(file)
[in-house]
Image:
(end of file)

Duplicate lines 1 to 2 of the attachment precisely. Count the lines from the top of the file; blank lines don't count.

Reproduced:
[in-house]
Image: